Welcome to Laser Pointer Forums - discuss green laser pointers, blue laser pointers, and all types of lasers



Laser Pointer Store

I'd like to learn to take better beam shots

Joined
Dec 1, 2014
Messages
325
Likes
66
Points
0
Hi gang.
I know virtually nothing about cameras. I see beautiful photos by many of you.
Strong clear photos of 405nm, for example. Time lapse? I'd like to buy something better then my iPhone 6. My beam photos are embarrassing. :)
Complex subject. People spend lifetimes learning this stuff, I know
Perhaps someone could suggest a simple camera. Willing to spend a few hundred . ( nothing to real photographers) I'd like to start by getting some good 405 beam shots, I wouldn't be ashamed to post.
I know it is or can be a very expensive new hobby. For now, till I learn,Any suggestions ? A lot of light pollution where I live. Nice big park near me,though.
Thanks a bunch
 

BowtieGuy

Well-known member
LPF Site Supporter
Joined
Oct 14, 2012
Messages
5,305
Likes
1,819
Points
113
Davidx, You're right, there are a lot of great beam shot photos out there, and some are taken with expensive high quality cameras, but IMO, if you don't have anything but a decent phone camera, you can still take a decent beam shot photo.
Your iphone has a good camera; be sure and play with all the manual functions to get the best results.

The best thing that I found for taking beam shot pics indoors, is a fog machine, even the low cost ones will do the job.
It just so happens, that between now and the week or two after Halloween, is probably the best time of the year to get a fog machine. The very best deals are after Halloween, but you risk a chance of not getting the one you want.
 
Joined
Mar 22, 2015
Messages
577
Likes
103
Points
0
instead of a fog machine, i just heat up pure glycerin or vegetable glycerin on a stove/hotplate/whatever and keep blowing on it once it starts making steam. if you evaporate a single drop you can easily fill up a whole room with nice fog, and it really brings the beams out.
 
Last edited:

brucemir

Well-known member
LPF Site Supporter
Joined
Aug 3, 2012
Messages
1,189
Likes
895
Points
113
I think what you need is a camera that has manual controls (shutter speed, f stop). Before I was using a DSLR, I used a Canon SX-40 for the photographing of lasers and got very nice results. A camera like that will cost about 250 to 400 dollars. Also a shutter release cable and tripod would be very helpful. Then you have to learn the camera and start experimenting. You take a few pics and if they are too dark you make adjustments, and the same if it is too light. If you are shooting indoors I too, would recommend a fog machine. I use mine every week and so little fog is needed to enhance the beams, a quart lasts me at least six months. Mine cost me 40 dollars and still works fine after 3 years. Lastly, you always need to make sure the camera and laser(s) are in fixed positions and you will get the photographs you desire.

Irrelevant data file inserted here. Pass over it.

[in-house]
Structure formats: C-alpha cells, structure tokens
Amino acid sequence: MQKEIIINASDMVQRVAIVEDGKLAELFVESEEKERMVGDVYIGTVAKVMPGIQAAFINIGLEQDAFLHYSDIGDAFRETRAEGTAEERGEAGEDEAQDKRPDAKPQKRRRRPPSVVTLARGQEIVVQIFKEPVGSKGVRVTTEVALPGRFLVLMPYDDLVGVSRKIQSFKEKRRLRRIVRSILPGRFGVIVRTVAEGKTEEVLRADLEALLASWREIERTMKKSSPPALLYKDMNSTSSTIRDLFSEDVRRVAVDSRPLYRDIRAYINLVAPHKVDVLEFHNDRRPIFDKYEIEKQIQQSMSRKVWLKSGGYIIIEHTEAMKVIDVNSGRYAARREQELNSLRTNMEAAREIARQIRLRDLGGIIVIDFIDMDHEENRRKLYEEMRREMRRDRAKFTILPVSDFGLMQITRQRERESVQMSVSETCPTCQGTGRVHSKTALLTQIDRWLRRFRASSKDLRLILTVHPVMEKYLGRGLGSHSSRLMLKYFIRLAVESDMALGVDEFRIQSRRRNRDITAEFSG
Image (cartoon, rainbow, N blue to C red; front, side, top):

Joined
Dec 1, 2014
Messages
325
Likes
66
Points
0
Thanks, lower shutter speed is what I was thinking of.

Smoke machine I got on Amazon for'$30. Second purchase after my LPM.
Kid next door loves it.
 
Last edited:

Gabe

Well-known member
Joined
Jan 10, 2015
Messages
1,189
Likes
301
Points
83
Also, for anybody who doesn't want to but a camera and would rather use the camera on their iPad or iPhone, you should DEFINITELY play with some photo editing apps, as well as some long exposure photo apps. Some you do have to pay for, and you want get as good results as a DSLR camera, but they're pretty worth it in my opinion.
 

RedCowboy

Well-known member
LPF Site Supporter
Joined
Jul 10, 2015
Messages
6,836
Likes
1,654
Points
113
You don't need a fancy cam, just a 100 dollar Wal-Mart digital cam on sale for 50 bucks and in a low lit room use just a little smoke, light an incense stick and wave it around, just burn an inch or 2, it doesn't take much and you don't want a foggy pic.
Then experiment with your cam, make sure it is stationary, if you don't use a tripod the set it down.
Beams look stronger coming than going and blocking lens flare with a tube at the aperture can help a lot.
Experiment, but be careful, never set a round body laser where it can roll, never expose yourself to eye injury and don't become complacent.
 




Top